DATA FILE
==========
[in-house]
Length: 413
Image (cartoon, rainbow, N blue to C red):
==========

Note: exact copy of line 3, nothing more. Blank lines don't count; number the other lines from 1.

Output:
Image (cartoon, rainbow, N blue to C red):